Therefore, contrary to the recommendations of some of my colleagues who have taught you how to upload your GEDcom to FamilySearch. I will strongly advise you to ignore their advice.
Follow these instructions if you wish to upload your GEDcom file to archive it on FamilySearch.
Use Genealogy Software to Upload Your Family Tree
While many genealogy software programs will help you download your family tree to your computer, few can upload or write to FamilySearch. However, RootsMagic does write to the FamilySearch family tree.
RootsMagic simplifies the process of updating your family tree to FamilySearch. You will still have to do manual changes, which is time-consuming.
However, after linking your profiles to matching profiles on FamilySearch, RootsMagic compares them. You will then view a screen that will inform you of what is different between your tree and the tree on FamilySearch.
Some differences are minor, such as FamilySearch using the United States for a birthplace and your program as US or USA. Other differences are more significant.
From RootsMagic, you can select each change from a master comparison log. Additionally, RootsMagic will help you find potential duplicate profiles and merge them without leaving the platform.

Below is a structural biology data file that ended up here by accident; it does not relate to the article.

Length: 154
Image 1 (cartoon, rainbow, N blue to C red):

Updating your tree will still take time, especially if you have a large tree. However, RootsMagic makes the process more targeted.
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Slow and Steady Improves the Family Tree
I can attest that slowing down has sped up my research and increased the accuracy of my family lines. In 2012, I went gangbusters pruning my family tree by:
linking missing relatives
adding additional facts
Since that time, FamilySearch has added new features and more record collections. I have continued to increase the accuracy of my lines by:
adding life stories
For the most part, all the changes have stayed, and my family tree looks great. Other researchers have built upon what I've added, and I've seen photos and stories I didn't know existed.
Occasionally a researcher will make a change that I'm like, ‘what the heck are you doing?’
Using the changelog, I can see who made the change and contact them. Sometimes the researcher gives me new information. And sometimes I give them further information.
Using the collaborative environment, we can create an accurate family tree with less effort in the long run.